While we waited on the tarmac at Calais, a tanker reversed down off the ferry with 5 people sitting atop the tanker. Several high viz police were ushering the vehicle away from the ship grandly named the Spirit of Britain. You could tell we were heading to Britain, the border at Calais was the first time we had our passports rigorously checked. There was no doubt we were about to pass over into a different country. You can sense a fortress mentality as Britain is surrounded by an expanse of water on all sides like a castle moat. As we watched the migrants on the lorry and fellow passengers took pictures, I wondered what these migrants hoped to find in Britain that they wouldn’t in a European country such as Germany, France or Sweden. The immigrant I worked with in Sheffield told me it was the language, he had tried to learn German but found it too difficult compared to English. I guess if you’ve crossed deserts and seas and survived imprisonment at the hand of Libyan people smugglers, the English Channel doesn’t seem like a big deal.
On our journey from Brussels we had stayed with a lovely social campaigner in Kortrijk who again showed us a humbling generosity and welcome. She talked about the frustrations of working within a political party and how she had left to go back to social work. She was also an impressive photographer. The day we left her the gentle landscape of Flanders and a pleasant tailwind ensured us easy riding on our last long day on the continent. Once back on the roads in England I instantly missed the wide cycle lanes and respectful drivers of Belgium. Speeding lorries accompanied me to Folkstone where I was getting a train home.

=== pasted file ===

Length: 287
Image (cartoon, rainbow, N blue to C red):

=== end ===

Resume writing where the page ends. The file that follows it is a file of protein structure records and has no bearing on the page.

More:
As I sat on a cushioned seat hurtling across the country mesmerised by the speed of travel, I wondered how the pilgrimage had changed me. I heard the thick eastern European accent from the man selling drinks and felt reassured that our connection to Europe was still intact. The Brexit vote hadn’t isolated us from Europe yet. Whilst I’m sad we voted to leave the EU my main concern is with the tone of the referendum. The kindness of those we met along our way made me feel we have friendly neighbours who understand us. They have a similar rising of nationalist parties across Europe and population divides of their own. Our challenge is to improve the debate we have. Brexit it may make us poorer but it alone isn’t the Armageddon it was made out to be. It is up to us to decide how this independent Britain relates to the world.